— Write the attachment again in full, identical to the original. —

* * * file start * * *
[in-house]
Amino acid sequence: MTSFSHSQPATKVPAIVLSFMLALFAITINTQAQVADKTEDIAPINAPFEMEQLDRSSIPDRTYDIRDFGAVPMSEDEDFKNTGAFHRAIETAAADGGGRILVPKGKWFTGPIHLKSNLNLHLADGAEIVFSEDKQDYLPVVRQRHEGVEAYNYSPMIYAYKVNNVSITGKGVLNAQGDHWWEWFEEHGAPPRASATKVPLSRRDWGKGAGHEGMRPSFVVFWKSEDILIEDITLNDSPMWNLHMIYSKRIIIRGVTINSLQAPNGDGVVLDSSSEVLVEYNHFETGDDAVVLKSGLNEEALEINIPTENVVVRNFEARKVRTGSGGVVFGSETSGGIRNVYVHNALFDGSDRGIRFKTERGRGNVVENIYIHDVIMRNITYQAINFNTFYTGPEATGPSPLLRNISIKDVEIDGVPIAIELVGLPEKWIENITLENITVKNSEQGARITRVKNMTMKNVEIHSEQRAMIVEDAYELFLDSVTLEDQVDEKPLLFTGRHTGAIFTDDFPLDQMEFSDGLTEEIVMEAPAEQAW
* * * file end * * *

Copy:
[in-house]
Amino acid sequence: MTSFSHSQPATKVPAIVLSFMLALFAITINTQAQVADKTEDIAPINAPFEMEQLDRSSIPDRTYDIRDFGAVPMSEDEDFKNTGAFHRAIETAAADGGGRILVPKGKWFTGPIHLKSNLNLHLADGAEIVFSEDKQDYLPVVRQRHEGVEAYNYSPMIYAYKVNNVSITGKGVLNAQGDHWWEWFEEHGAPPRASATKVPLSRRDWGKGAGHEGMRPSFVVFWKSEDILIEDITLNDSPMWNLHMIYSKRIIIRGVTINSLQAPNGDGVVLDSSSEVLVEYNHFETGDDAVVLKSGLNEEALEINIPTENVVVRNFEARKVRTGSGGVVFGSETSGGIRNVYVHNALFDGSDRGIRFKTERGRGNVVENIYIHDVIMRNITYQAINFNTFYTGPEATGPSPLLRNISIKDVEIDGVPIAIELVGLPEKWIENITLENITVKNSEQGARITRVKNMTMKNVEIHSEQRAMIVEDAYELFLDSVTLEDQVDEKPLLFTGRHTGAIFTDDFPLDQMEFSDGLTEEIVMEAPAEQAW